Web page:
House OKs $3.9 billion in earmarks in spending bill

Getting into the holiday spirit, the House of Representatives on Thursday approved a spending bill loaded with goodies for the folks back home.

Trails for Monterey Bay. An arts pavilion for Mississippi. Bus shelters for Bellflower.

In all, the bill contains 5,224 earmarks costing about $3.9 billion, according to Taxpayers for Common Sense, a watchdog group.

Though Democrats say they have cracked down on pork-barrel spending, critics attacked the bill as excessive.


“Clearly, the earmark culture has not been swept away,” Brian M. Riedl, a budget analyst at the conservative Heritage Foundation, blogged Thursday.

The $447-billion bill, which passed the Democratic-controlled House with no Republican votes and moved to the Senate, combines six spending bills for the fiscal year that began Oct. 1.

The measure brings total earmarks in this year’s spending bills to 7,577 at a cost of about $6 billion, according to Taxpayers for Common Sense. The Pentagon spending bill, the last of the annual appropriations bills, is expected to contain more earmarks than the omnibus bill, said Steve Ellis of the taxpayer group.

The bill provides $330 million to state and local governments for jailing illegal immigrants convicted of crimes -- $70 million less than last year. A spokesman for state government said that California would take a hit, receiving $18 million less than was budgeted for its prison costs.

However, California, which is pushing for a high-speed rail line, could receive a chunk of the $2.5 billion included in the bill for such projects.

The measure includes $50 million nationwide for a high-tech braking system, which became a priority for California lawmakers after the commuter train-freight train collision in Chatsworth last year that killed 25 people and injured 135.

The practice of designating federal dollars for pet projects, often sought by campaign contributors and lobbyists, has come under scrutiny because of scandals, including one that landed former Rep. Randy “Duke” Cunningham (R-Rancho Santa Fe) in prison.

But lawmakers see bringing home the bacon as a way to show constituents that they are getting something for their taxes.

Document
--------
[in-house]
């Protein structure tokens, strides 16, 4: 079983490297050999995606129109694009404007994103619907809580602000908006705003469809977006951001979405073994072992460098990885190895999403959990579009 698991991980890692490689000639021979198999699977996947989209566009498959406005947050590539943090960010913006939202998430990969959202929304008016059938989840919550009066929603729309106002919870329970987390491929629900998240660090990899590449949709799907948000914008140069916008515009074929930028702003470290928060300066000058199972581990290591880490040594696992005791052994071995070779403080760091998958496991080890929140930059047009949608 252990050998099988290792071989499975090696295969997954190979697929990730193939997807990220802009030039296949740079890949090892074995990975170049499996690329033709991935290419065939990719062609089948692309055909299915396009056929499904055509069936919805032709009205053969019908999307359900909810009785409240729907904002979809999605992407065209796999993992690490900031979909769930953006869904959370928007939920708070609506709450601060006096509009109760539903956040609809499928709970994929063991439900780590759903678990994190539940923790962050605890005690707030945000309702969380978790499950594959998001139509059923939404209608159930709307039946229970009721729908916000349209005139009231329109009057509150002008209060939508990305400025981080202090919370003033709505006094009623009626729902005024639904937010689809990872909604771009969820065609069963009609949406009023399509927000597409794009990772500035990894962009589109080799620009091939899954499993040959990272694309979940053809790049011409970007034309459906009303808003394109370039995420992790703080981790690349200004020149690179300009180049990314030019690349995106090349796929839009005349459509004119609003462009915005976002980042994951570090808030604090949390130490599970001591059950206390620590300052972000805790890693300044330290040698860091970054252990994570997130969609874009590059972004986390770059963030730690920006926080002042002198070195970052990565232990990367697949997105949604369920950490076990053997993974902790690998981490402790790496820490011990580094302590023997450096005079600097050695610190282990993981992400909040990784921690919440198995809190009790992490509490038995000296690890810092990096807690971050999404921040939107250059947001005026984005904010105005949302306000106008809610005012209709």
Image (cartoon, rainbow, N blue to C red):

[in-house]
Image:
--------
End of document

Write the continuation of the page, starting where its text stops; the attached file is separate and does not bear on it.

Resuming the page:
Earmark sponsors also defended the projects as important to the nation’s economic recovery. For example, Rep. Sam Farr (D-Carmel), who secured $800,000 for the Monterey Bay Sanctuary Scenic Trail, said that the project would help generate tourism dollars.

Other California projects in the bill, some of which also received funds last year, include $13.5 million for a bus lane on Wilshire Boulevard in Los Angeles and $500,000 toward building a trench to speed trains traveling through the San Gabriel Valley and reduce the risk of collisions with cars and pedestrians.

Rep. Jeff Flake (R-Ariz.), a leading critic of pork-barrel spending, singled out for criticism $200,000 provided for the Aquatic Adventures Science Education Foundation in San Diego. Rep. Susan A. Davis (D-San Diego) said that the money would go to a program that will “inspire children to pursue education in the sciences while encouraging students from disadvantaged backgrounds to go to college.”

The bill also includes $600,000 for an Echo Park streetscape project; $180,000 for “training the next generation of weather forecasters” at San Jose State University; and $250,000 for textile research at UC Davis.


Republicans, who believe that the explosion of earmarks while they controlled Congress contributed to their losing the majority in 2006, assailed the spending measure as excessive, even though it includes money they sought for projects in their districts.

“When are we going to say, ‘Enough is enough?’ ” asked House Minority Leader John A. Boehner (R-Ohio), who does not seek earmarks. “I don’t know how worthy any of these projects are, but I do have to ask a question: Are they more important than our kids and grandkids who are going to have to pay the debt?”

Democrats defended the spending as necessary to fund programs that they say were neglected under the George W. Bush administration, and they noted that the earmarks were down from when Republicans controlled Congress.